Legacy of former Braves GM extends to SunTrust Park

Some icons of Braves history — Hank Aaron and Dale Murphy among them — showed up at SunTrust Park on Thursday for a ceremony honoring another of the franchise’s greats.

The Braves unveiled plans for a series of tributes to the late team executive Bill Lucas, the first African-American to run the player-personnel department of an MLB club.

The conference room in the baseball operations department at the Braves’ new stadium will be named the Bill Lucas Conference Room. The street, off Circle 75 Parkway, on which Braves players and executives will enter the stadium will be named Bill Lucas Way. And the Bill Lucas Apprenticeship program will be created to offer year-long apprentice positions in baseball operations to candidates of diverse backgrounds.

Lucas spent more than 20 years in the Braves’ organization in a variety of roles, starting as a minor-league player in 1956, continuing as a member of the transition team that oversaw the franchise’s move from Milwaukee to Atlanta in 1966 and culminating with his appointment as vice president of player personnel — effectively general manager — in 1976.

Lucas served in the latter role until his death at age 43 on May 5, 1979, of a massive cerebral hemorrhage.

The impact Lucas made on the Braves organization was reflected all these decades later in the turnout of franchise heavyweights for the ceremony announcing how he’ll be remembered at the new ballpark.

“This is really wonderful,” Aaron said.

In attendance, along with Aaron and Murphy, were former team owner Bill Bartholomay, current chairman and CEO Terry McGuirk, former general manager and current vice chairman John Schuerholz, former director of scouting Paul Snyder, current general manager John Coppolella and current president of business Derek Schiller.

Also on hand, and clearly moved by the tributes, were members of Lucas’ family: his wife, Rubye, and daughters, Wonya and Andrea.

“I want to thank you all for remembering him and for carrying on his legacy through the apprenticeship,” Wonya Lucas told the gathering. “That would have meant so much to him. It’s about reaching back and helping others and paying it forward.”

“Let me tell you, there are not many organizations in this country who would take a family and continue to take care of them and to love them and make them a part of their life for (almost) 40-something years after someone passes,” Rubye Lucas said. “The Atlanta Braves have been our life.”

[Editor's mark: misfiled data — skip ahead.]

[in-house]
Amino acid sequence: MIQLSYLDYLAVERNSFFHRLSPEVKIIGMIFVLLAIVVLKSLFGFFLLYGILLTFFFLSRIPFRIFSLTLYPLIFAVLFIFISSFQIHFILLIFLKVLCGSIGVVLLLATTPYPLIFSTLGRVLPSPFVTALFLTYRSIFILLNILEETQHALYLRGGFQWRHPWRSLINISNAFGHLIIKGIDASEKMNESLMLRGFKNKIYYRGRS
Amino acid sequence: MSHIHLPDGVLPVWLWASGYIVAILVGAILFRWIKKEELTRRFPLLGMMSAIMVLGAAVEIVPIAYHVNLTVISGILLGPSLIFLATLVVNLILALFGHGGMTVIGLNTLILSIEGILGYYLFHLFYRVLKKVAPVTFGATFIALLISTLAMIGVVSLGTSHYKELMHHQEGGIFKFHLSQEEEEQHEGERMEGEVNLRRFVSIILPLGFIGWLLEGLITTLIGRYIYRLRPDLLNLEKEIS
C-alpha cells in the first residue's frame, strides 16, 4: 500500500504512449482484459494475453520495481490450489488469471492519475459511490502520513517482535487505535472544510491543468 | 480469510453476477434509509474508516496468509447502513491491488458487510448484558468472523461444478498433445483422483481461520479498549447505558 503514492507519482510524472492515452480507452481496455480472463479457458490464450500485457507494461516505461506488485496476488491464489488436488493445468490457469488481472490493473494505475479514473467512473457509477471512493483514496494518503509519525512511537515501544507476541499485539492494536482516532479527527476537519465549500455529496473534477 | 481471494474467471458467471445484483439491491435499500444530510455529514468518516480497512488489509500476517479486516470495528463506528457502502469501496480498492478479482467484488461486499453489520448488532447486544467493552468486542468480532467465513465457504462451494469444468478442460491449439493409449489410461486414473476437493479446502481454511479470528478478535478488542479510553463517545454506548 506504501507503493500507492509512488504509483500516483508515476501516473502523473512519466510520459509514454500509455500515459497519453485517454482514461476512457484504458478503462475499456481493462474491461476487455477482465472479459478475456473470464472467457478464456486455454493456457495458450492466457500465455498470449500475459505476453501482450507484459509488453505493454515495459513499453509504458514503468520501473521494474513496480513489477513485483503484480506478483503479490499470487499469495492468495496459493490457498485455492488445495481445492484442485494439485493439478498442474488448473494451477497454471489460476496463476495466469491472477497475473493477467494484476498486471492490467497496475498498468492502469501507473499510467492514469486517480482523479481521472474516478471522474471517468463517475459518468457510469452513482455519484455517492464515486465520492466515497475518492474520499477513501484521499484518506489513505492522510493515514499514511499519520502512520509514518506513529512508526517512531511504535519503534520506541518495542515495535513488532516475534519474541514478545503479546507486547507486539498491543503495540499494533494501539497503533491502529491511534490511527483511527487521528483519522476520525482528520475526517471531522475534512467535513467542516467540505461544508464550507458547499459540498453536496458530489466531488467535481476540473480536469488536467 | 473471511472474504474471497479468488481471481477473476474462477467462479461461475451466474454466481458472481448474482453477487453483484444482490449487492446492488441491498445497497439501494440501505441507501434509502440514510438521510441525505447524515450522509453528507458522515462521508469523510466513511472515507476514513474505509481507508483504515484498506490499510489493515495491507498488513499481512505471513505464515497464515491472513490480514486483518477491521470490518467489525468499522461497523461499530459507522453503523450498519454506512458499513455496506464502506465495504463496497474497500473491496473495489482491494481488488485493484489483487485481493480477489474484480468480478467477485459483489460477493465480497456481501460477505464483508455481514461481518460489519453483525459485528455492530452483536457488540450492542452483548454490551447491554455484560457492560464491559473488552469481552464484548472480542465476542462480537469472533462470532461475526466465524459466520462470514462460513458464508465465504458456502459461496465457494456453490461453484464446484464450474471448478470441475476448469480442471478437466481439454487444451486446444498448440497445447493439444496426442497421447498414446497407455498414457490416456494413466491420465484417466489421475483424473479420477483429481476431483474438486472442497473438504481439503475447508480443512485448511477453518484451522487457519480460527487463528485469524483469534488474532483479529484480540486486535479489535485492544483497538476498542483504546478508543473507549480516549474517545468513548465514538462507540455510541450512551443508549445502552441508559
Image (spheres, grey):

Photos of Lucas were displayed on the center-field video board in SunTrust Park, where virtually all of the seats have been installed and the field has been prepared for the installation of grass. The Braves’ regular-season home opener there is April 14 against San Diego.

A citation under a photo of Lucas in the conference room bearing his name read: “In recognition of his contributions to the Atlanta Braves and pioneering the transformation of Baseball’s front office.”

Lucas was named to run the Braves’ player personnel department by then-owner Ted Turner in September 1976, making him the highest-ranking African-American in MLB at the time.

“Although entitled at the time vice president of player personnel, we all knew he was the general manager of the Atlanta Braves,” said Schuerholz, who was in the Kansas City Royals’ front office at the time.

McGuirk said Lucas’ responsibilities actually exceeded those of current general managers, because MLB teams didn’t have as many front-office positions and titles in those days.

“Everyone knew Bill was the right man for the job,” said McGuirk, who worked with Lucas for three years. “The fact that he was the first African-American to ever hold that lofty position was almost irrelevant to him. He knew that he was the best man for the job.

“It’s fitting as we put our roots down in this new ballpark that Bill has a permanent place of remembrance so that all future Braves executives and employees will know how highly we regard this Braves hero.”

Lucas was inducted into the Braves Hall of Fame in 2006. He played key roles in the drafting and development of Murphy and in the hiring of Bobby Cox as manager in 1978, the first of Cox’s two stints as Braves manager.

Murphy brought a special document with him to SunTrust Park on Thursday: a copy of his $25,000 contract for the 1978 season, signed by Lucas.

“He took a chance on a skinny kid from Portland, Oregon,” Murphy said. “I didn’t know what I was doing, had never been to Georgia, didn’t expect to be drafted by the Braves (in 1974). … I flew here to Atlanta, walked off the plane, and there was Bill waiting for me.

“It sounds kind of funny, actually, to say Bill. I don’t think I ever called him anything except Mr. Lucas.”